The formulation of a coherent South African approach to the classification of income and the taxation of international cross-border partnerships

Appollis, Afton Leandre January 2010 (has links)
Includes bibliographical references (leaves 57-60). / The taxation of international partnerships has particular relevance for South Africa. Zaaiman (2008:5) remarks that South African investors often have limited choice in the legal form of the entity in which they invest. Their lack of choice largely stems from the fact that the type of legal structure implemented internationally is shaped by the tax and commercial concerns relevant to the foreign jurisdiction in which such structure is established (Zaaiman, 2008:5). In South Africa, the taxation of partnerships has received very little attention. There is also no legislation in place dealing with this business vehicle. However, many South Africans are investing in offshore partnerships. There is accordingly a need to develop a comprehensive work on the taxation of cross-border partnerships. Furthermore, on a domestic level, the recent judgment delivered in Grundlingh v CSARS raised several issues regarding the taxation of cross-border partnerships. Of particular relevance to the common law of South Africa, is the yet unresolved tension which now seems to exist between the Grundlingh case and the well-established principles of the taxation of international partnerships as laid down by the then Appellate Division in the CIR v Epstein judgment. The comments made regarding partnerships in the CIR v Lever Bros3 judgment also seems to conflict with the Grundlingh case. Bearing in mind the principle of stare decisis and the constitutional obligation to develop South African common law in line with international law, it is necessary that a body of work be developed to begin the process of reconciling South African sources of law into one coherent approach, to the taxation of cross-border partnerships.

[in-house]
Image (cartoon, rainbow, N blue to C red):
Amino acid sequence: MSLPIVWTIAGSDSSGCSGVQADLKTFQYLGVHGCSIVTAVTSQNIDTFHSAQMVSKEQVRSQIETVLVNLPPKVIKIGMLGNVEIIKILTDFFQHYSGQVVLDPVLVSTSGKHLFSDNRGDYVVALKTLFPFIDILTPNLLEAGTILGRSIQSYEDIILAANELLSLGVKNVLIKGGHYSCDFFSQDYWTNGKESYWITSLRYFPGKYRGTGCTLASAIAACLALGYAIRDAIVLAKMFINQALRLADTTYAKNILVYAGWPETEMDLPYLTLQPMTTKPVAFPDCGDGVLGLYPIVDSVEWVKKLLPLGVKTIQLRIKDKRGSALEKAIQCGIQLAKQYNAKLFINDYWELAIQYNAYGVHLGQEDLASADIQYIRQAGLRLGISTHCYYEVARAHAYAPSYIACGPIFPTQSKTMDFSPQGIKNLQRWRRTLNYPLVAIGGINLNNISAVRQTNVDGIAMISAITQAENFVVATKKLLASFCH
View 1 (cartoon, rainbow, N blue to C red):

An evaluation of the Country-by-Country Reporting (CbC Template) for transfer pricing documentation purposes from a South African perspective

Van Wyk, Lindie January 2016 (has links)
In February 2013, the OECD published a report on its findings concerning base erosion and profit shifting ("BEPS").1 That report, in particular Action Plan 13, dealt with the re-examination of transfer pricing documentation wherein the shifting of profits to lower tax rate jurisdictions is addressed. The OECD proposed a Country-by-Country ("CbC") methodology whereby certain information is required to be disclosed within a Country-by-Country Reporting Template ("the CbC Template"). The main purpose of the CbC Template is to assist tax administrations to identify risks related to base erosion and profit shifting; also, and where applicable, data collected via the CbC Template can be used for economic and statistical analysis. The OECD is of the view that the CbC Template in assisting tax administrators to determine transfer pricing risk, will serve as a high-level risk assessment indicator for transfer pricing. Accordingly, the main aim of the CbC Template is to be a tool for tax administrators to identify and consequently ensure that the revenue of a country is not eroded unfairly. The objective of this paper is to review the CbC Template from a South African perspective and to determine the consequences for taxpayers arising from the information required to be disclosed. It follows that this paper will focus, in particular, on the challenges and consequences that exist within a South African context for a South African taxpayer conducting business in different tax jurisdictions. The paper will further analyse the CbC Template requirements in light of the legislative requirements for Transfer Pricing Documentation in South Africa.

Place of effective management and "place of business" : a critical analysis of whether or not these phrases (as used in the Income Tax Act and Companies Act respectively) should be aligned or have different meanings?

Kriel, Elsabe January 2012 (has links)
Includes abstract. Includes bibliographical references (leaves 65-70).